Cyberattacks have become an anticipated part of the IT world, regularly striking businesses both large and small. These attacks consistently infiltrate networks and expose an organization’s valuable data, and cause brand embarrassment and irate customers. Yet, the one way cybercriminals are inconsistent is the most damaging; their attack methods evolve each year in new and clever ways. In fact, a recent Accenture study found that 71 percent of respondents called cyberattacks a “black box” and said they’re not sure how they will affect their organization.

Despite this uncertainty, there are tried and trusted techniques to anticipate threats and fortify against attacks. Advanced tools and strategies are needed to address the individual nuances of your organization and protect users and other stakeholders.

As a leading university and public research institution, the University of New Hampshire (UNH) is responsible for protecting a large base of users – more than 150,000 students, faculty, staff and alumni. Identity security is one of the most significant ways we protect against cyberattacks, and like cybercriminals, we must also continually evolve our identity security program.

Here are some of the most critical strategies we have employed – and recommend – to effectively stop cyberattacks at the door in 2019.

  1.     Mask your identities.

If you come from a broad organization, some of your users are probably using a company identity to sign up for third-party services. At UNH, we’ve found that our users will often use their work email address to register for online forums, applications and purchases. Typically they don’t know how to disable device tracking settings like cookies, which can leave the door open for malicious actors to send phishing emails. That’s a serious vulnerability, given that 92 percent of malware is still sent by email, according to Verizon’s 2018 Breach Investigations report.

To mitigate this risk, find the location and security vulnerabilities of your identities. Next, you’ll want to create external and internal identities. The external identities will present users to the world one way, while the internal identities will be masked through VPNs and other methods to block attackers from monitoring activity.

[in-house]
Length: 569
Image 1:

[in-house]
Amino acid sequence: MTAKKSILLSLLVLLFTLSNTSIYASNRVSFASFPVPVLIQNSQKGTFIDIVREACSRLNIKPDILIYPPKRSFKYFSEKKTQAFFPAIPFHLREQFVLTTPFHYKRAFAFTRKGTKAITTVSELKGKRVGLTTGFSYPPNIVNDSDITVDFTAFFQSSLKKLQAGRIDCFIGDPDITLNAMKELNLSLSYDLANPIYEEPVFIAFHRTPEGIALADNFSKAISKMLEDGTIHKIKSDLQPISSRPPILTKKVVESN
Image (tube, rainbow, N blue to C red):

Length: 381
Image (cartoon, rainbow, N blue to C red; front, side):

We use SecureAuth IdP as our service proxy to authenticate, which we highly recommend for any activity in the cloud. Adaptive authentication ensures that the right user is taking the right action. This reduces attacker visibility, no matter what our users are doing.

  1.     Reduce user friction.

Strong security is tied to a positive user experience. Requiring extra authentication steps like codes at every single login attempt can annoy users. So can carrying a hardware token or waiting on hold with support teams to request a password reset. One way to reduce friction is by offering a more painless authentication experience with self-service options for password reset and account unlocking. Layering two-factor and adaptive authentication can banish extra steps by only requiring additional action when risk factors are high – which helps alleviate the number one pain point for users.

At UNH, we must authenticate a variety of applications for faculty, staff, students, alumni, and more. Not all of them will be SAML enabled. To address that reality, we chose a solution that lets us work with all applications, all protocol options and all on-premise, mobile, cloud, and VPN resources. That’s another way we create a secure and smooth process for our users and business partners.

  1.     Transform authentication and password processes.

Instead of relying on standard username and password combination methods, consider new technologies that use adaptive authentication and other methods tough for criminals to duplicate. Not only can you reduce support tickets and helpdesk calls, you can nullify the risk of stolen credentials.